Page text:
Some children’s needs are not being met in Slough because managers do not always identify practice weaknesses quickly enough, Ofsted has warned.
Key actions within children’s plans are not always carried out in good time and, for some children, this leads to unnecessary delay in their needs being met, or in plans for children’s permanence not being achieved quickly enough.
“The pace of improvement has not been swift enough in all areas of practice relating to children looked after,” said inspectors following the fourth monitoring visit since the local authority was judged inadequate in February 2016.
From a low base, leaders have secured improvement in some parts of the children looked after service. However, managers have not ensured that the core elements of social work practice are evident enough in casework, inspectors added. As a result, the support that children looked after receive is inconsistent.
Leaders have taken effective steps to strengthen some aspects of the children looked after service. Long-term planning for children has improved since the last inspection, with a clearer focus on achieving permanence.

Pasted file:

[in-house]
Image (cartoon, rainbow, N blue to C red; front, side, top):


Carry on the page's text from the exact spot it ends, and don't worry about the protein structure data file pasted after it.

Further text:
All of the children looked after whose cases were considered during the visit have a care plan, and most plans are up to date. However, plans too often falter when a child is allocated to a new social worker, the report said.
Managers do not always oversee practice effectively to ensure that children receive the right help at the right time and the use of legal processes to safeguard children and promote their permanence is too variable.
When children looked after go missing, most are now seen when they return, however, the accounts of these conversations do not always analyse what should happen to reduce the risk of children going missing again.
Most children benefit from regular social work visits, and some benefit from additional time with their social worker when this is needed. However, visiting frequency does not always adapt to children’s changing circumstances.
Workforce data shows an increase in the number of permanent social workers who are joining Slough Children’s Services Trust, and a decrease in those who are leaving. The number of agency social workers continues to decline, however, in a number of cases witnessed during the visit, children had experienced too many changes of social worker.
In the cases considered during the visit, children’s health needs had been well assessed. “Following a recent decline in performance, work is underway to develop a more effective system to ensure that health assessments are consistently carried out in good time.
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